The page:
As I have been explaining on my blog and podcast, the Biden administration may cause a turning point in the decline of unions as it does everything it can to support unions.
Currently, only 6% of the private workforce is unionized and 34.8% of the public workplace is unionized. The rate of overall unionization has declined from 20.1% or 17.7 million workers in 1983 (the first year for which there is data on unionization from the BLS) to 10.8% or 14.3 million workers in 2020. There are 7.2 million union members in the public sector and 7.1 million in the private sector.
Many businesses have never experienced union organizing. However, that may be about to change as I mentioned on the post with my last podcast episode. The Biden administration is the most pro-union presidency in decades. It is continuing to do more to help unions grow by encouraging the passage of the PRO Act, speaking in support of union campaigns (such as the campaign at Amazon), and the creation of a task force to find ways to support union organizing.
All of this leads to the important question…
How do Campaigns to Unionize a Company Begin?
There are two ways that unions seek to organize a company: employee driven and union driven campaigns. There are some major differences in both of these campaigns. Below are the major elements of each type of campaign.
1. Employee Driven Campaigns
An employee driven campaign is typically caused when employees want a union to fix some issue that they have with the company.
The most common issues that causes employees to seek a union are:
a. Unfair compensation
Employees may seek a union because they believe that the union will result in them receiving higher pay or more benefits. This may especially be the case if the employees are underpaid compared to others within their industry and geographic area.
b. Bad boss or supervisor
A poor supervisor that treats employees unfairly, plays favorites, and is generally unpleasant is one of the most common causes of a union organizing drive by employees. A union may be able to file grievances and represent employees that are unjustly terminated or disciplined.
Of course, on the flip side, unions also represent and sometimes get employees reinstated that should clearly not be such as this railroad engineer that defecated on a train-car Knuckle, threw toilet paper covered feces out the window of the train, and told his manager that he had left a present for him.
c. Poor safety record
The pandemic has increased employee concerns about safety. Employers that do not respond to safety problems are more at risk to unionize.
d. Poor job security
Employers that fire employees without good cause or treat employees unfairly and replace employees that should not be terminated may cause employees to feel that a union can protect their jobs.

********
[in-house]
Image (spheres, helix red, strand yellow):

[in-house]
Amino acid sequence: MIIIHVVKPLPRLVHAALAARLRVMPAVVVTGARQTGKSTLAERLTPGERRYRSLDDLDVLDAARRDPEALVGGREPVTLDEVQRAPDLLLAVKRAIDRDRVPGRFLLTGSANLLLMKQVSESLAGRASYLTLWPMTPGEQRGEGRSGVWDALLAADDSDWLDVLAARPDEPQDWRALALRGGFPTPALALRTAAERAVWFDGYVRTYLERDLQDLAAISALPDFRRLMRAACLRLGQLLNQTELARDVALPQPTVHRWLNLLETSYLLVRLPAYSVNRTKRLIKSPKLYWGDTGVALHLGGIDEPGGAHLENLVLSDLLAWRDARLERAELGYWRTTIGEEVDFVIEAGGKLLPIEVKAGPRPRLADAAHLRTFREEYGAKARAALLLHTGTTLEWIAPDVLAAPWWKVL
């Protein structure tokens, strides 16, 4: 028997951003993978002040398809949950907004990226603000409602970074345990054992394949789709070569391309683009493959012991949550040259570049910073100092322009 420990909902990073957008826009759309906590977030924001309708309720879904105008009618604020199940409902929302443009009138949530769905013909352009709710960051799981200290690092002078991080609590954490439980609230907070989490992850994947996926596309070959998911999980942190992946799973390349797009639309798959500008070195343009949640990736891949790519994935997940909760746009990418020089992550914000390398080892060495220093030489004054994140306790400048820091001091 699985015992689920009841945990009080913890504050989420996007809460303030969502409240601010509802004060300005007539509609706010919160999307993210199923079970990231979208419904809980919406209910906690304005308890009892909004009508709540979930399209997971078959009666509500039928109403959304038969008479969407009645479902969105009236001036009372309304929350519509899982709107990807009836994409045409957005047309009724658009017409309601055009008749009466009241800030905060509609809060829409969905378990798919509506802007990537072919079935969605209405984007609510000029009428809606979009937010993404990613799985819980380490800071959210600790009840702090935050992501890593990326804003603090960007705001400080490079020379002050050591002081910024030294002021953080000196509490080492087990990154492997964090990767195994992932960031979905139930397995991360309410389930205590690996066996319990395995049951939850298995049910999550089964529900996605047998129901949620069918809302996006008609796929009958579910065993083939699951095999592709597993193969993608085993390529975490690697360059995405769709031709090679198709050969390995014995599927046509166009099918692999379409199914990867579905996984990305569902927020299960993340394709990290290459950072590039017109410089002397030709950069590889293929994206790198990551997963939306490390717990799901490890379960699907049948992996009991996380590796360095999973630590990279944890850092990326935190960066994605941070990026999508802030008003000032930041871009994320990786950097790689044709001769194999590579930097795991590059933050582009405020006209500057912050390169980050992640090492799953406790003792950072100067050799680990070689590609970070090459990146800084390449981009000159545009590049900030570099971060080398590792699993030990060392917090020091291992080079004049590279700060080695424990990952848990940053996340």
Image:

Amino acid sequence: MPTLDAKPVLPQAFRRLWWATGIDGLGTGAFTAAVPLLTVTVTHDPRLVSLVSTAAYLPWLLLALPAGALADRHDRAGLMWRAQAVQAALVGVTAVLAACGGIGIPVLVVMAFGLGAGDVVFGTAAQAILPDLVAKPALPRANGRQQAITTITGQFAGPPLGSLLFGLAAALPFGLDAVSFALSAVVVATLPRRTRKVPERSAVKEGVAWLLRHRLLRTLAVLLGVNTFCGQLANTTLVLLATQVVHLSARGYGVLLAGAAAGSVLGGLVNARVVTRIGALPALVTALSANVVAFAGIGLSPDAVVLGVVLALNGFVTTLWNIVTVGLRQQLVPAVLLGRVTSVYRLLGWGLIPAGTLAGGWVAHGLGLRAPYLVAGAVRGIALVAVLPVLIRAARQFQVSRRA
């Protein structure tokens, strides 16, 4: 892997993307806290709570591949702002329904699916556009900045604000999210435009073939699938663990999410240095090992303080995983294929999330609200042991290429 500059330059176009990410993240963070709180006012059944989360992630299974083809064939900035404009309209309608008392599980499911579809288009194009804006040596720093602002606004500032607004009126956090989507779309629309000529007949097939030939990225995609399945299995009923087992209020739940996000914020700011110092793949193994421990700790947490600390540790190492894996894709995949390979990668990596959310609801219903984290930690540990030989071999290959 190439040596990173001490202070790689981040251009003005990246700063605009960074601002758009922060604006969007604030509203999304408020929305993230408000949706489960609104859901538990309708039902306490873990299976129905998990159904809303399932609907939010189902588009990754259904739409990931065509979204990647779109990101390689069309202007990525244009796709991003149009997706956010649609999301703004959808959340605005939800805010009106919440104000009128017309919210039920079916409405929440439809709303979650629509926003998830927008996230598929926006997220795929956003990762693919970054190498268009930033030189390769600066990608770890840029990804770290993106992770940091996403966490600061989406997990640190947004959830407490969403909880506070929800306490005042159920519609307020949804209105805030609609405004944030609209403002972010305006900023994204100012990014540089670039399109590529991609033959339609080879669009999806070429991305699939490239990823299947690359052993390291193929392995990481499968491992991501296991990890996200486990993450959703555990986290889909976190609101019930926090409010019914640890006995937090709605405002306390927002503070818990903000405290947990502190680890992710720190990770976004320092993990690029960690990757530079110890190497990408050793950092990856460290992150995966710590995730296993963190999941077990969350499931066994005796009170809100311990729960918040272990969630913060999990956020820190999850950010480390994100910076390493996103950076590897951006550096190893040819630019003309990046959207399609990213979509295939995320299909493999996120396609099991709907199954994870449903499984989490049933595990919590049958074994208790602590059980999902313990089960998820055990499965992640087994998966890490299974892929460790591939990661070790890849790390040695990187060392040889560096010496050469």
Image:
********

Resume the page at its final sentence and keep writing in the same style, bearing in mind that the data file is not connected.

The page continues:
e. Not being treated as well as employees elsewhere
If other employers are offering better pay or benefits, especially if they are unionized, then that may cause employees to seek a union.
f. Employee coming from another unionized facility
Employees that used to work at a unionized facility may be more likely to try to establish a union at a new place of business if they had a good experience with the union.
g. Ignoring employee complaints
Employers that ignore complaints of employees risk employees believing that a union could solve the problem.
2. Union driven campaigns
Union driven campaigns, those started by a union, differ from employee driven campaigns in a number of ways. Most unions, at least the major ones, have employees that are tasked with organizing companies (union organizers). These workers may try a variety of tactics to organize a company. For some unions this may be targeting their typical worksite (like the UFCW targeting food processors). Others may have selected specific companies that they wish to organize (like the UAW trying to organize the Volkswagen facility in Chattanooga, Tennessee that has failed repeatedly).
The typical targets for unions have the following characteristics.
a. Major companies
Unions typically target major companies where they can exert political and community pressure on the company to organize.
b. Within the union’s typical sphere
Unions typically, but not always, try to focus on groups of employees that they are familiar with to organize. For example, the United Auto Workers (UAW) focuses on car manufacturing and other manufacturing employers.
c. Target for many years
Unions will typically select a company that they wish to unionize and show up every year to try to build on their support. Organizing is a long game and it may take time before the union is successful in organizing a facility.
d. Vulnerable because of other unionized facilities in the area
Targets that are vulnerable because they are located in areas with a lot of unions are often selected. If there are unions in an area, then it is likely that workers are more familiar with unions and may be more inclined to unionize. Of course, there is also the possibility that workers in an area have seen unions fail to protect jobs or protect jobs of workers who deserved to be fired, which may cause them to be less inclined to unionize.
e. Desire for large units over small ones